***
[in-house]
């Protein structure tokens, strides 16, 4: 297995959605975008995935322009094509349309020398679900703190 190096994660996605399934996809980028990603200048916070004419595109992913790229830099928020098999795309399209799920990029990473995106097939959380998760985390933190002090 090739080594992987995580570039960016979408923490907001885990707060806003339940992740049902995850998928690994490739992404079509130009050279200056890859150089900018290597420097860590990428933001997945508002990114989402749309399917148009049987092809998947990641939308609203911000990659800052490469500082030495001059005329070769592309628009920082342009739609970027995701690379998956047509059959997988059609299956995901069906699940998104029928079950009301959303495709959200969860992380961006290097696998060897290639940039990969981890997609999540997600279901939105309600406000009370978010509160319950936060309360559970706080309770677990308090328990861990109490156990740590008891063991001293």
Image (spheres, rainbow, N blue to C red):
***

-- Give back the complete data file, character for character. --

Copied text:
[in-house]
């Protein structure tokens, strides 16, 4: 297995959605975008995935322009094509349309020398679900703190 190096994660996605399934996809980028990603200048916070004419595109992913790229830099928020098999795309399209799920990029990473995106097939959380998760985390933190002090 090739080594992987995580570039960016979408923490907001885990707060806003339940992740049902995850998928690994490739992404079509130009050279200056890859150089900018290597420097860590990428933001997945508002990114989402749309399917148009049987092809998947990641939308609203911000990659800052490469500082030495001059005329070769592309628009920082342009739609970027995701690379998956047509059959997988059609299956995901069906699940998104029928079950009301959303495709959200969860992380961006290097696998060897290639940039990969981890997609999540997600279901939105309600406000009370978010509160319950936060309360559970706080309770677990308090328990861990109490156990740590008891063991001293």
Image (spheres, rainbow, N blue to C red):